Quantitative Analysis Of Emphysema From Whole-Lung, Low-Dose Computed Tomography Images
Pulmonary emphysema is an irreversible disease of the lungs characterized by the destruction of the alveolar air sacs. Given the nature of the disease, it becomes important to be able to accurately quantify disease state in order to track progression. The advent of computed tomography has allowed for quantification of the anatomical basis of the disease, and multiple densitometric measures have been proposed for the quantification of emphysema from CT. However, two primary issues are common to density-based image scores of emphysema and remain unresolved: measure variability and poor correlation to pulmonary function test (PFT) scores. In this body of research, four primary measures have been implemented: the emphysema index, the fractal dimension, the n-th percentile of the histogram, and the mean lung density. While all have been proposed as measures of emphysema from CT, limited work has been done to analyze these measures for their validity in measuring emphysema progression, due to the variability inherent in these measures, due to inspiration variation and inconsistent scan acquisition parameters. In order to reduce this inter-scan variability, an inspiration-compensation method for reducing inter-scan measure variation based on multivariate modeling of the relationship between inspiration and metric change was developed and evaluated. Application of this system on a short time-interval longitudinal dataset was able to improved metric repeatability, with up to 45% reduction in metric variation depending on measure. This shows that inspiration compensation is possible and should be applied to future longitudinal studies of emphysema. In addition to metric variation, density-based image scores of emphysema are known to poorly correlate (r<0.5) with pulmonary function test scores, the gold standard in clinical assessment of emphysema by pulmonologists. This is particularly true with regards to relatively asymptomatic patients. To address this issue, a geometry-based, diaphragm curvature assessment of emphysema severity was implemented to take advantage of an associated symptom of emphysema: hyperinflation. The diaphragm curvature measure correlated with pulmonary function tests (r=0.24) and gas-diffusion measures (r=0.57). In addition, the geometry score did not correlate with emphysema index or fractal dimension (r<0.1), indicating that the new score provides information on disease state distinct from what is given by the densitometric measures. Multivariate modeling incorporating various image scores of COPD severity to predict pulmonary function test scores managed to further improve these findings, with a final correlation of r=0.54 between spirometric PFT scores and image-derived predicted values for non-severe stage COPD patients, who are often asymptomatic, and thus of relevant clinical interest.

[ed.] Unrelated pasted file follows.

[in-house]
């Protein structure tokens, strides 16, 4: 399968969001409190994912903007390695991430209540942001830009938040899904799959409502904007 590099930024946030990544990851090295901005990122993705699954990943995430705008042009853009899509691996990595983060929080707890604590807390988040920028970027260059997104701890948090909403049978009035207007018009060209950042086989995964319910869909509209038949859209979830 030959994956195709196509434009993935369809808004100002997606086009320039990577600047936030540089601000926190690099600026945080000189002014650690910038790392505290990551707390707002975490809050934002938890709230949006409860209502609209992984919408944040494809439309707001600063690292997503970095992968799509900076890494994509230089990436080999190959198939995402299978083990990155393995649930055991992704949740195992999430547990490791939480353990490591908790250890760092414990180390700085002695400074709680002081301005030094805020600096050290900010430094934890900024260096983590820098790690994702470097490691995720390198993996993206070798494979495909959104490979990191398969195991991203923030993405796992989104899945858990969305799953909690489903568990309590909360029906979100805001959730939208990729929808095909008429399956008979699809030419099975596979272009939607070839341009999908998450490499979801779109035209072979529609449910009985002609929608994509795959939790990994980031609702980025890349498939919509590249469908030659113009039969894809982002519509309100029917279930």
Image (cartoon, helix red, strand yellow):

Computed Tomography (CT); Emphysema; Computer Aided Diagnosis (CAD)
Reeves, Anthony P
Doerschuk, Peter; Gilmour Jr., Robert F
Ph.D. of Biomedical Engineering
Doctor of Philosophy
Dissertation or Thesis